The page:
The Black Barrel is charred twice to give it more intense flavors. Charring barrels breaks down parts of the oak which creates flavor compounds for the whiskey to pick up and absorb, makes it easier for the whiskey to seep further into the wood to pick them up and creates a layer of charcoal that filters out unwanted flavors. Charring barrels twice does all that only even more.
The Caskmates whiskeys are aged in barrels that were previously used to age beer. Distiller’s Safe, Cooper’s Croze and Blender’s Dog are from Jameson’s Whiskey Makers Series, which highlights the effect different parts of the whiskey making process have on the final flavor. Cooper’s Croze highlights the effect of the barrel, which is why so many are used to make it.
9. Alcohol Content
There’s some difference between Jim Beam and Jameson in terms of the alcohol content of their whiskeys, as shown in the following table.
|White Label||40%||Jameson Irish||40%|
|Honey||35%||Bow Street 18 Years||54.5% – 55.3%|
|Fire||35%||Caskmates Stout Edition||40%|
|Red Stag||35%||Caskmates IPA Edition||40%|
|Single Barrel||47.5% – 54%|
As you can see, the standard expressions of Jim Beam and Jameson are 40%ABV and most of the more complex whiskeys of both have similar ABVs of 43% or 45%.
The real differences are the Jim Beam whiskey liqueurs which are all (with one exception) 35%ABV and the cask strength Jameson whose expressions have a range of ABVs that’s significantly higher than that of the Jim Beam Single Barrel expressions.
There’s a big difference between Jim Beam and Jameson whiskeys when it comes to price. The following table shows the approximate price for 750ml bottles (unless otherwise indicated):
|White Label||$23.99 (1L)||Jameson Irish||$29.99|
|Honey||$23.09 (1L)||Bow Street 18 Years||$179.99|
|Fire||$17.99||Caskmates Stout Edition||$34.79|
|Red Stag||$18.69||Caskmates IPA Edition||$34.99|
As you can clearly see, Jim Beam whiskeys are cheaper than Jameson whiskeys. Much cheaper. Even a 1L bottle of the standard Jim Beam expression is cheaper than a 750ml bottle of the standard Jameson expression! And when it comes to the more complex whiskeys, Jim Beam is still the cheaper of the two.
It’s not quite an equal comparison. The whiskey liqueurs that Jim Beam produce are obviously going to be cheaper than regular / normal / real (read whichever makes you feel more comfortable) whiskeys, and the two 18 year old Jamesons are understandably significantly more expensive than whiskeys that are considerably younger.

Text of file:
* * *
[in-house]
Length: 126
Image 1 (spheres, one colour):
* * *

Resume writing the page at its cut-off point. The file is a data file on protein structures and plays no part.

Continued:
Nevertheless, overall, it’s clear that Jim Beam whiskeys are cheaper than Jameson whiskeys.
The last difference between Jim Beam and Jameson whiskeys is also the most important. After all, lots of delicious flavors is (usually) the reason why you’re drinking whiskey in the first place.
The most common flavors in Jim Beam whiskeys are:
Caramel, vanilla, corn, oak, toffee, spices and peanuts
The most common flavors in Jameson whiskeys are:
Vanilla, honey, caramel, spices, fruit, cinnamon, pepper and oak
As you can see both brands have quite a few flavors in common. This is not surprising when you consider that despite their differences, Jim Beam and Jameson also have many similarities, especially when it comes to things that affect flavor. They’re both:
- Made from (partially) corn and malted barley
- Aged for at least four years
- Aged in new, charred, American white oak barrels (Jim Beam) or ex-bourbon barrels that are essentially old, charred, American white oak barrels (Jameson)
However, there is one important difference between the two brands when it comes to flavor. Jim Beam has a relatively prominent peanut flavor and Jameson has a more overall fruitiness and some sherry sweetness. If you prefer one profile over the other or dislike one of them in particular, then for you, this will be the only difference between Jim Beam and Jameson whiskeys that matters.
You can buy any of these whiskeys at drizly.com here.